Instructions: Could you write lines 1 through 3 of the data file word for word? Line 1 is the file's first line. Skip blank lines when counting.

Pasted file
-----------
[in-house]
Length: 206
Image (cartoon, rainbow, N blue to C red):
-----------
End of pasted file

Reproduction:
[in-house]
Length: 206
Image (cartoon, rainbow, N blue to C red):